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The Eastern Partnership (EaP) is an EU project which represents a step change in the EU’s relations with its Eastern Partners as it aims at enhancing cooperation both on bilateral and multilateral level.
The EU already has similar partnership initiatives – the Northern Dimension and the Union for the Mediterranean. The Eastern Partnership was presented by the foreign minister of Poland with assistance from Sweden at a the EU’s General Affairs and External Relations Council in Brussels on 26 May 2008. The talks on Eastern Partnerhip intensified after the Russian – Georgian war in August, and naturally it was seen as a politically motivated initiative by Russian politicians.
Accoding to the EaP official press release, the Eastern Partnerhip is “building on the successful work already accomplished within the European Neighbourhood Policy (ENP)” – and proposing to go even further: It is a policy based on a differentiated approach with each partner and dedicated to supporting each individual country to progress in its own way and at its own speed. While I fail to see what exactly is the successful work already accomplished within the ENP – as far as Armenia is concerned, I can easily see the benefits of differenciated approach.
According to the same source – the EU strives to raise the level of aspiration by offering new Association Agreements to those partner countries that are willing and ready to take on far-reaching commitments with the EU and that meet the essential conditions of ENP.
Some of the main directions offered by the initiative – are 1) Improved market access and promotion of free trade areas – which will enable the free movement of goods, capital and services much like the internal European market does in the longer term; 2) Increased mobility between the European Union and its Eastern Partners – offering to ease visa requirements and in the longer-term, open dialogues on visa-free travel with all partners; 3) Mutual energy security – here the role of Azerbaijan is highlighted, along with steps to “increase energy security in the partner countries” 4) Comprehensive Institution-Building Programme – will be developed with each partner country individually in order to accelerate the partner country’s reform process; 5) Support for economic and social development – the idea is to help partners identify economic and social disparities, and improve conditions in less developed regions, thereby laying the foundations for prosperity and economic growth; 6) Multilateral initiatives of the Eastern Partnership – This will include seminars to improve understanding of EU legislation and standards, sharing of experience and development of joint activities between the countries of the Eastern Partnership where appropriate. For this purpose four policy platforms are proposed: on democracy, good governance and stability; economic integration and convergence with EU policies; energy security; and contacts between people.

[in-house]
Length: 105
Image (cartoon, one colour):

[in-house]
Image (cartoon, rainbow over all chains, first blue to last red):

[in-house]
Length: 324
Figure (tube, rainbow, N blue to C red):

After adoption by the European Council the Eastern Partnership will be launched at an “Eastern partnership summit” in spring 2009 involving the Heads of the States or Governments of EU Member States and Partner Countries.
Current EU Financial Funding in the Eastern Partner Countries
The European Union already provides funding to the Eastern Partner countries for bilateral programmes under the European Neighbourhood Policy Instrument (ENPI). Between 2007 and 2010 spending is as follows:
* Armenia 98.4 million Euro
* Azerbaijan 92 million Euro
* Georgia €120.4 million Euro (additional funding up to 500 million Euro will be available for Georgia to cope with the consequences of the crisis in August 2008),
* Moldova 209.7 million Euro
* Ukraine 494 million Euro